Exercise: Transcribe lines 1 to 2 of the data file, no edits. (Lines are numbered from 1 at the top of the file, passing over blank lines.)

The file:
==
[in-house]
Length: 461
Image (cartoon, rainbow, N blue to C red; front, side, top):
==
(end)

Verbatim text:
[in-house]
Length: 461